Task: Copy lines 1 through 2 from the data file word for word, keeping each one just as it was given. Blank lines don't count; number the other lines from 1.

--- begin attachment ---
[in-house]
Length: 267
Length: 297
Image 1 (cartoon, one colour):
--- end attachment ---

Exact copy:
[in-house]
Length: 267